Mary Corbet

writer and founder


I learned to embroider when I was a kid, when everyone was really into cross stitch (remember the '80s?). Eventually, I migrated to surface embroidery, teaching myself with whatever I could get my hands on...read more

Contact Mary

Connect with Mary



2024 (40) 2023 (125) 2022 (136) 2021 (130) 2020 (132) 2019 (147) 2018 (146) 2017 (169) 2016 (147) 2015 (246) 2014 (294) 2013 (294) 2012 (305) 2011 (306) 2010 (316) 2009 (367) 2008 (352) 2007 (225) 2006 (139)

Embroidery Stitch Instructions: Portuguese Knotted Stem Stitch


Amazon Books

If you’re just beginning to embroider or even if you’ve been at it for a while, the Portuguese knotted stem stitch is a nice outline stitch to master. A little more complicated than basic stem stitch, this knotted version produces a thicker, rope-like line. Here are some illustrated instructions.

The Portuguese knotted stem stitch is worked from left to right or bottom to top (opposite for left-handed embroiderers). Begin as you do for a stem stitch.

Bring your needle through the fabric, then take it down the length of your stitch, pointing it back towards the place you emerged. In the illustration, you’ll see that this is done using a “sewing” method – you work on top of the fabric, without having to go to the back. This stitch can be worked with or without a hoop – personally, I usually use a hoop, but when I’m using the “sewing” method (as opposed to the “stab” method, where your working hand goes to the back of the fabric to get the needle and put it back through), I don’t necessarily keep the fabric drum tight. A little give in the fabric helps with the “sewing” method of embroidery.

You want to keep the thread to the right of your needle when you draw it through, so that the working thread ends up to the left side of the stitch. Take the needle underneath the stitch you just made, without picking up any of the fabric. Do this twice, both times in the same direction, so that you are wrapping the thread twice around your stitch.

After you’ve wrapped the thread twice around your first stitch, you’ll take another stitch, just as you did the first, progressing up the fabric the length of the new stitch, and emerging where the last stitch went down into the fabric.

Now that you have more than one stitch, you are going to wrap your thread twice around the both stitches – the base of the former stitch (after the “knot” that you made on top of the first stitch) and the middle of the new stitch. Take your needle under both stitches twice so that the working thread winds around the stitches twice. See the photo above and below for illustration.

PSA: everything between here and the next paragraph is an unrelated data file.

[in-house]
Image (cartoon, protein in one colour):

Notice how the needle passes under both stitches and does not pick up any fabric. This is done twice. In the photo above, one pass has already been made, and this is the second pass under the two stitches.

Continue along your line in the same manner, going forward the length of the stitch, pointing the needle back to where your last stitch went down into the fabric, keeping the needle on the left side of the stitch. Pull the needle through, then, going from the right side, pass it under the two stitches twice, and then proceed to your next stitch.

On the back of your fabric, you’ll see a line that looks like backstitches.

Have fun with it!

You can find more stitch directions here.



Leave A Comment

Your email address will not be published. Required fields are marked *


(9) Comments

  1. Dear Mary Corbet,
    You lessons are really simple and easy to learn for a starter like me and I enjoyed learning all the stitches that you have shown.Idont know how to thank you for this.

    Mrs Anitha Edison

  2. dear mary,
    i never knew learning from the net was so easy. ur website has so much to offer and in about a month i have learnt so much.i am so thankful to u for introducing me to such a creative spare time activity.

  3. Dear Mary,
    I am sri lankan girl. I don’t know how to do embrodary. But your instructions help me to learn that. Thank you very much.. Triple gem bless you…. (I am buddhist..)

  4. Is this a special needle? How did you get the yarn thru the fabric don’t you have to have a needle with an eye? How long is the needle used? Thank You, Anna

  5. Hi Mary,

    Your website is so useful. I am from India. I was a working woman all these years. I would have loved to learn embroidery but because of lack of time on my hands I was not able to do us. I would have definitely subscribed to your course but since I do not possess a credit card I would not be able to make the remittance to you. However I enjoy looking at your work and the neatness it most appreciated. Embroidered work should always look neat on the back too.

    God bless you for all your work and kind regards,

  6. Mary, you have excellent videos and tutorials. Your site is bookmarked, and I use it frequently. Thanks! Thanks! Can you tell me what kind of floss you use for the Portuguese knotted stitch. I am using the stranded floss and yours looks like a single thicker strand. Will it work with three strands of floss?

    1. Hi, Sue – it’s perle cotton. I’m not sure what weight – probably #5. I use perle cotton for many of the videos, because it is easier to see the movement and look of the stitch in the video, but you can work the stitch with any kind of thread, really!

More Comments